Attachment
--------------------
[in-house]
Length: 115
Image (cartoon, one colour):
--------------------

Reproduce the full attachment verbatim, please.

[in-house]
Length: 115
Image (cartoon, one colour):